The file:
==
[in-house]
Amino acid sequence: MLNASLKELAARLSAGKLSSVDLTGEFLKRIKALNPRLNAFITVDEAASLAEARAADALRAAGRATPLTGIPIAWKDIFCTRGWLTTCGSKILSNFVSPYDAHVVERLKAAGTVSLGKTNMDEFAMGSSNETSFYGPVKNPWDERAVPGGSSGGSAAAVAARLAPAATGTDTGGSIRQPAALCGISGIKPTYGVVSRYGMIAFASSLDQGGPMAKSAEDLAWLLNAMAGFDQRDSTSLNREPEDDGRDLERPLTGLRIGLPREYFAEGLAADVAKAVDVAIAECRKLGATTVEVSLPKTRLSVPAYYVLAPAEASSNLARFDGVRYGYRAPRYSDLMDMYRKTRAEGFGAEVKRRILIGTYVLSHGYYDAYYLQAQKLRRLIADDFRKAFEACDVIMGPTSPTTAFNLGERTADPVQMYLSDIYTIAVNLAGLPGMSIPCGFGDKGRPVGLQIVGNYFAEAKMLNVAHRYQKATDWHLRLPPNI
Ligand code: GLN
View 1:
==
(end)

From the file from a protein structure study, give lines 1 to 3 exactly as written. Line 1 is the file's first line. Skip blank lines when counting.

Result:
[in-house]
Amino acid sequence: MLNASLKELAARLSAGKLSSVDLTGEFLKRIKALNPRLNAFITVDEAASLAEARAADALRAAGRATPLTGIPIAWKDIFCTRGWLTTCGSKILSNFVSPYDAHVVERLKAAGTVSLGKTNMDEFAMGSSNETSFYGPVKNPWDERAVPGGSSGGSAAAVAARLAPAATGTDTGGSIRQPAALCGISGIKPTYGVVSRYGMIAFASSLDQGGPMAKSAEDLAWLLNAMAGFDQRDSTSLNREPEDDGRDLERPLTGLRIGLPREYFAEGLAADVAKAVDVAIAECRKLGATTVEVSLPKTRLSVPAYYVLAPAEASSNLARFDGVRYGYRAPRYSDLMDMYRKTRAEGFGAEVKRRILIGTYVLSHGYYDAYYLQAQKLRRLIADDFRKAFEACDVIMGPTSPTTAFNLGERTADPVQMYLSDIYTIAVNLAGLPGMSIPCGFGDKGRPVGLQIVGNYFAEAKMLNVAHRYQKATDWHLRLPPNI
Ligand code: GLN